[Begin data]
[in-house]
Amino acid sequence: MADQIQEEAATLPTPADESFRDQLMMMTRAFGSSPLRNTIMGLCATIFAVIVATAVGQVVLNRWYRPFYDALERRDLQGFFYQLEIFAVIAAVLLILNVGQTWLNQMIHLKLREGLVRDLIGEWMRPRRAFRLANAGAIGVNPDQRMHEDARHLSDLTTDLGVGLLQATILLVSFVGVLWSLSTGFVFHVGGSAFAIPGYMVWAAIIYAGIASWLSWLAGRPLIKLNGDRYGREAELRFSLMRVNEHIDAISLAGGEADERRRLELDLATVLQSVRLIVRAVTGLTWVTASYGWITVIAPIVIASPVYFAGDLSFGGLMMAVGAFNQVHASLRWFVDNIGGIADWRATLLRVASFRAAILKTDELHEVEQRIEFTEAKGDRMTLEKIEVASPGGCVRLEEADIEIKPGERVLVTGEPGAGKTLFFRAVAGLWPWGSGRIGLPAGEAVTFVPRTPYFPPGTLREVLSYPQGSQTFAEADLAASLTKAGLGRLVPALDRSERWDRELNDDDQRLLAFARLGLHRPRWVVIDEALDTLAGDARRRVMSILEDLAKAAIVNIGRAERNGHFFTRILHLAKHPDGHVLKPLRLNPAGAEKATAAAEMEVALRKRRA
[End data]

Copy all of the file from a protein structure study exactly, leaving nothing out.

[in-house]
Amino acid sequence: MADQIQEEAATLPTPADESFRDQLMMMTRAFGSSPLRNTIMGLCATIFAVIVATAVGQVVLNRWYRPFYDALERRDLQGFFYQLEIFAVIAAVLLILNVGQTWLNQMIHLKLREGLVRDLIGEWMRPRRAFRLANAGAIGVNPDQRMHEDARHLSDLTTDLGVGLLQATILLVSFVGVLWSLSTGFVFHVGGSAFAIPGYMVWAAIIYAGIASWLSWLAGRPLIKLNGDRYGREAELRFSLMRVNEHIDAISLAGGEADERRRLELDLATVLQSVRLIVRAVTGLTWVTASYGWITVIAPIVIASPVYFAGDLSFGGLMMAVGAFNQVHASLRWFVDNIGGIADWRATLLRVASFRAAILKTDELHEVEQRIEFTEAKGDRMTLEKIEVASPGGCVRLEEADIEIKPGERVLVTGEPGAGKTLFFRAVAGLWPWGSGRIGLPAGEAVTFVPRTPYFPPGTLREVLSYPQGSQTFAEADLAASLTKAGLGRLVPALDRSERWDRELNDDDQRLLAFARLGLHRPRWVVIDEALDTLAGDARRRVMSILEDLAKAAIVNIGRAERNGHFFTRILHLAKHPDGHVLKPLRLNPAGAEKATAAAEMEVALRKRRA